Here’s an idea of how much other stuff has gone on in my life: I talked about building a sabermetric research database 11 months ago. Version 1 has yet to be published. Much like my postings here at this blog, the time to work on this project has been sporadic. That inconsistency made designing the database challenging.
While I did pick up a minor in computer science while an undergrad, I’ve been primarily a user, rather than a designer, of databases ever since. I know the basic principles of database design, but designing one with minimal experience from years ago is not easy. So I looked for examples.
I started with the best example of a database I knew of for recording information on various printed and recorded materials: the digital library catalog. I couldn’t get access to the database schema that a real library uses, but did manage to find an example. Granted, this example of an entity-relationship diagram covers only books, but it was a start. It affirmed 3 different base tables that were pretty obvious to me based on what I wanted when I first talked about the design: author, book, and category. The intermediate link tables between book and author and book and category were something I didn’t have in mind at first, but incorporating those kind of link tables for the underlying database is actually a key element of a third normal form relational database. The link tables will help with database organization.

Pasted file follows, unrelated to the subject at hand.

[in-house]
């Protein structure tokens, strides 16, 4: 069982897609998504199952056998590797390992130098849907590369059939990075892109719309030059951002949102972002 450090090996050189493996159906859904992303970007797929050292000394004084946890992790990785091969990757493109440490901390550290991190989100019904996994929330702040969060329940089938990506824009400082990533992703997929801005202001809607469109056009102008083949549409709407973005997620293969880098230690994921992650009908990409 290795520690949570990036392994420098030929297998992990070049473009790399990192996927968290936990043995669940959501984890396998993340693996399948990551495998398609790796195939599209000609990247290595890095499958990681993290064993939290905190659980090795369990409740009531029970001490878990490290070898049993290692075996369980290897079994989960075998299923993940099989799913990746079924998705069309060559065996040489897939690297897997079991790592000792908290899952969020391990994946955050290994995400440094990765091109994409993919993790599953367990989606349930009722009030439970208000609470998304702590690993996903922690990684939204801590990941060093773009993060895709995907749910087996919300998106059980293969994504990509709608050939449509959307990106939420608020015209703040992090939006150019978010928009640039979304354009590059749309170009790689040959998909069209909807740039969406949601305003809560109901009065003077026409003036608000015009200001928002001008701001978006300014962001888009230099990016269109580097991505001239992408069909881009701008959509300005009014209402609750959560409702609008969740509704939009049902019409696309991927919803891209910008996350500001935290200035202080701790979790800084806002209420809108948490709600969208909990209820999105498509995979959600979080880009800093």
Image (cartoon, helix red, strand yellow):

I also found the schema for a database that served as an inspiration for this idea. As a statistician with a slight academic bent working in industry, one of my resources is the Current Index of Statistics. While their schema wasn’t displayed in a nice entity-relationship diagram, it is available in code form. Of course, there are many things the CIS is interested in that I am not, but the schema follows the core idea of third normal form: each element of the data needs its own table.
All this matters because I want to make sure I record all the information for the DB with a few passes through the material, and knowing which pieces of information to collect is critical to that process. A few of the elements I want to collect are universal to all of the material types I discussed in Part 2, with a few notes on the columns
- Author – first and last name, with a key built using the same logic as the Retrosheet player ID
- Publisher – name and city. The name could be the key, but I think creating a shortened version of the name will be a better key and make queries easier.
- Citations – The heart of this project. Just a listing of two publication IDs, one being the piece of research cited in the other. At one point early on, I considered including page numbers, but that seems to be more effort than it’s worth at this point and could be added later.
- Subject – The subject list needs to be uniform across all media types. The subject table will be like the Citations table, with a publication ID and a column identifying the subject. I’m thinking that the subject list will be coded to help conserve disk space as this database grows. Players and teams can be included as subjects, and I’ll use the same codes as Retrosheet.